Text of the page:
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In the Internet, mobile code is ubiquitous and includes such examples as browser plugins, Java applets, and document macros. In this paper, we address an important vulnerability in mobile code security that exists in remote execution systems such as Condor, Globus, and SETI@Home. These systems schedule user jobs for execution on remote idle machines. However, they send most of their important system calls back to the local machine for execution. Hence, an evil process on the remote machine can manipulate a user’s job to send destructive system calls back to the local machine. We have developed techniques to remotely detect such manipulation. Before the job is submitted for remote execution, we construct a model of the user’s binary program using static analysis. This binary analysis is applicable to commodity remote execution systems and applications. During remote job execution, the model checks all system calls arriving at the local machine. Execution is only allowed to continue while the model remains valid. We begin with a finitestate machine model that accepts sequences of system calls and then build optimizations into the model to improve its precision and efficiency. We also propose two program transformations, renaming and null call insertion, that have a significant impact on the precision and efficiency. As a desirable sideeffect, these techniques also obfuscate the program, thus making it harder for the adversary to reverse engineer the code. We have implemented a simulated remote execution environment to demonstrate how optimizations and transformations of the binary program increase the precision and efficiency. In our test programs, unoptimized models increase runtime by 0.5 % or less. At moderate levels of optimization, runtime increases by less than 13 % with precision gains reaching 74%.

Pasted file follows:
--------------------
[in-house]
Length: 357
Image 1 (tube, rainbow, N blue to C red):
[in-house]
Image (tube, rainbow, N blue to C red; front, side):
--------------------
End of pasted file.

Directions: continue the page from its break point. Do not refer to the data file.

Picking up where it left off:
TypeBased Flow Analysis: From Polymorphic Subtyping to CFLReachability.
 In Proceedings of the 28th Annual ACM SIGPLANSIGACT Symposium on Principles of Programming Languages
, 2001
"... We present a novel approach to scalable implementation of typebased flow analysis with polymorphic subtyping. Using a new presentation of polymorphic subtyping with instantiation constraints, we are able to apply contextfree language (CFL) reachability techniques to typebased flow analysis. We de ..."
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Cited by 70 (1 self)
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We present a novel approach to scalable implementation of typebased flow analysis with polymorphic subtyping. Using a new presentation of polymorphic subtyping with instantiation constraints, we are able to apply contextfree language (CFL) reachability techniques to typebased flow analysis. We develop a CFLbased algorithm for computing flow information in time O(n 3 ), where n is the size of the typed program. The algorithm substantially improves upon the best previously known algorithm for flow analysis based on polymorphic subtyping with complexity O(n 8 ). Our technique also yields the first demanddriven algorithm for polymorphic subtypebased flowcomputation. It works directly on higherorder programs with structured data of finite type (unbounded data structures are incorporated via finite approximations), supports contextsensitive, global flow summarization and includes polymorphic recursion.